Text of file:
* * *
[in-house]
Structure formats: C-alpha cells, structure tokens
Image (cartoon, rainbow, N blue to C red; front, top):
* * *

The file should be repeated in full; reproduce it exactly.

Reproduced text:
[in-house]
Structure formats: C-alpha cells, structure tokens
Image (cartoon, rainbow, N blue to C red; front, top):